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. Last Updated: 07/27/2016

WEB WATCH: Web Banking: Cryptic Problem




Home-country money management for expats has become notably easier in recent years with the advent of Internet banks and online account management services accessible via the Worldwide Web. However, many people have complained to me that they are unable to use their bank's services and face error messages indicating that their web browser is not sufficiently "secure" for access to the system.


Most banks rely on special web server software that uses the industry standard "Secure Socket Layer," or SSL, technology to establish an encrypted connection with the customer's browser whenever sensitive data is transmitted. In Netscape, you can tell that you have an SSL-encrypted connection with a website when the key-shaped icon in the bottom left corner of the screen lights up.


The problem is that United States export laws classify encryption technology as a form of munitions and require that software available for free download on the Internet or other means of "export" across U.S. borders must contain watered-down encryption features, or a maximum 40-bit "key." That includes web browsers such as Netscape and Microsoft Internet Explorer.


While 40-bit keys are more or less secure, they have been broken and can be compromised by the latest RISC-chip workstations in just a few days. Cryptography experts thus recommend use of at least 90-bit keys to assure full security. Most online consumer sales sites will work with a 40-bit encrypted connection, but more cautious banks typically require 128-bit encryption for access to account information.


It is very difficult and requires active misrepresentation to download a domestic-grade, 128-bit web browser from outside the United States, and to do so would make one guilty of fraud and an illegal arms transaction subject to severe criminal penalties under U.S. law. If you installed a domestic-grade browser on a laptop while in the U.S. and subsequently brought it to Moscow, you may also have unwittingly violated the encryption export regulations.


However, law-abiding citizens take heart: You can access secure bank systems with the help of a simple and perfectly legal Australian product called Fortify, available for free download at http://www.fortify.net. This software modifies the code in Netscape versions 3.0 and higher, equipping the browser with necessary elements for 128-bit encryption.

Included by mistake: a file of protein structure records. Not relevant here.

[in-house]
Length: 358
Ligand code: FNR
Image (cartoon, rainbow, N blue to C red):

Because the product is from Australia, its use does not violate the U.S. export restrictions and demonstrates the futility of such laws. Easy access to reliable encryption is essential to the development of electronic commerce and vitally important to ordinary people as the privacy of personal information and communication comes under increasing threat.


Criminals will be able buy the best available technology in any case, and so the laws serve only to annoy ordinary people and hurt American software companies that lose lucrative international markets for encryption products.


Another interesting argument used in several pending lawsuits asserts that encryption formulas are simply words, numbers and knowledge in the purest fo rm and thus immune from suppression as "speech" protected by the First Amendment of the U.S. Constitution. All of these positions seem painfully obvious to most industry players and many consumers, yet law enforcement and government seek ever new ways to restrict and regulate encryption.


You can follow many of the policy debates on websites such as http://www.crypto.com, http://www.privacy.org, and the Electronic Privacy Information Center at http://www.epic.org.


Now that your browser is equipped with bank-grade encryption, you may want to investigate online money management possibilities if you have not already done so. The clickable map at http://www.bankonline.com generates regional lists of mostly small U.S. banks that offer web services. The site of the industry newsletter "Online Banking Report" (http://www.onlinebankingreport.com) keeps more complete lists, at last check 184 U.S. banks, 67 U.S. credit unions, and 57 banks in other countries that offer transaction or balance reporting service on the web.


Among international banks in this region only Estonian Forexbank (http://www.forex.ee) and Hansabank (http://www.hansa.ee) along with Latvia's Trasta Komercbanka (http://www.tkb.lv) have made the list so far, perhaps due to their close ties to Finland, which has become one of the world's most "wired" societies.


Another site at http://www.gomez.com contains rankings of individual Internet banking services. A consistent leader across every category is Security First Network Bank (http://www.sfnb.com), "the world's first Internet bank" established back in 1995.


Originally based in the little hamlet of Pineville, Kentucky, and now Atlanta, Georgia, SFNB is unique in that it has just one branch and aspires to offer every possible service on-line, providing national service while avoiding the overhead costs of multiple branch offices and teller operations. While it can't compete with the sheer resources of the banking behemoths that continue to merge and gobble up smaller banks across the U.S., its size has allowed it to provide more user-friendly, flexible and rapidly evolving services.


Bill Fick welcomes any tips on interesting web sites or questions concerning the Internet for this column. Fick is co-founder of Samovar Internet Consulting, LLC. Web: http://www.samovar.ru e-mail: bill@samovar.ru